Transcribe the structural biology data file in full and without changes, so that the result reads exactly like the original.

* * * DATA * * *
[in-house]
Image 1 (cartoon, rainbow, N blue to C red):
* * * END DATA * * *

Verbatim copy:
[in-house]
Image 1 (cartoon, rainbow, N blue to C red):